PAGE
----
Israeli Human Rights Organizations: The recent statements by Richard Goldstone support the consistent position we have been upholding since the operation in Gaza, that when concerns arise regarding harm to civilians due to violations of international law, an independent investigation must be launched.
The human rights organizations – the Association for Civil Rights in Israel, B’Tselem, Gisha, the Public Committee against Torture, Yesh Din, Hamoked: Center for Defense of the Individual, Adalah, Rabbis for Human Rights, Physicians for Human Rights, and Breaking the Silence – have appealed to the Attorney General immediately following Operation Cast Lead, calling on him to investigate allegations regarding violations of the laws of war during the operation.
The organizations continue to stress that in cases of concerns regarding violations of the laws of war, Israel is obligated to initiate a thorough examination of the matter – by an independent and impartial investigative body.
Since the publication of the Goldstone Report, the Israeli army opened more than 50 investigations regarding events that took place during the operation in Gaza. Three of those investigations led to indictments. More than two years after the operation, it is still unclear what happened to the majority of these investigations. Furthermore, no inquiry was initiated regarding the policies determined by senior military and government officials.
Although Israel has not yet established an independent and non-military inquiry committee to investigate the events of Operation Cast Lead, most of the investigations that were opened used information provided by various human rights organizations. We hope that the authorities have realized the importance of such investigations, and therefore we reiterate our appeal to the state, to launch and independent, non-military, and transparent investigative process to examine the body of complaints regarding the Israeli military’s conduct during Operation Cast Lead.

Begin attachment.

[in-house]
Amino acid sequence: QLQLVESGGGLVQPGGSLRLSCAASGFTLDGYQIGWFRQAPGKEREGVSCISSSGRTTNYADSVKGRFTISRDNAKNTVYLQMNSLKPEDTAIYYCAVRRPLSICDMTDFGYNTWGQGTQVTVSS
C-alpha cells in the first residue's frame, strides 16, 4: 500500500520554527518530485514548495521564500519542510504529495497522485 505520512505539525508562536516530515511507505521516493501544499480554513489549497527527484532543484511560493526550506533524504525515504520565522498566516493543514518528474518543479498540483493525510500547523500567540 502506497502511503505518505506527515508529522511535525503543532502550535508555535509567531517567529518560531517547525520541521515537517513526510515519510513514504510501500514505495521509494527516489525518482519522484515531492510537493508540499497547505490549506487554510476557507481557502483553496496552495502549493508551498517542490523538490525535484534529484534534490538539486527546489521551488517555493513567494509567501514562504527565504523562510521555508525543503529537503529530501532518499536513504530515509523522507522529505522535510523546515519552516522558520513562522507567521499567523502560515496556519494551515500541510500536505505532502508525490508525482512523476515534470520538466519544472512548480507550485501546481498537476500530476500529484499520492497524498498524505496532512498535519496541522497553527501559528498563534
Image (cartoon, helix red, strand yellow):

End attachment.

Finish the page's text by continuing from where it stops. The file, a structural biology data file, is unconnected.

The Turkel Commission, an independent committee set up by the Israeli government following the events of the Gaza Flotilla, is currently examining whether the existing inquiry system is compatible with the obligations set upon the state by the laws of war. We call on the committee to recommend that the government set up a permanent independent inquiry body, according to the obligations defined in international law, and that this body shall be responsible for investigating suspicions regarding violations of international law when such suspicions arise, and not as a result of external pressures.
A country that seeks to uphold the laws of war and to minimize the harm to innocent persons, must also deal with suspicions of wrongdoing by the military. It is thus crucial to highlight the accepted norms of protecting civilian population during combat, and to do everything possible in order to minimize harm to civilians in the future.
January 2009 letter to the Attorney General, submitted by eight human rights organizations and demanding the establishment of an independent mechanism to investigate the killing and injuring of civilians during the operation in Gaza: http://www.acri.org.il/en/?p=602.
January 2010 letter to the Prime Minister (one year after Operation Cast Lead and before the UN debate the Goldstone report) urging Netanyahu to conduct an impartial inquiry: http://www.acri.org.il/en/?p=708.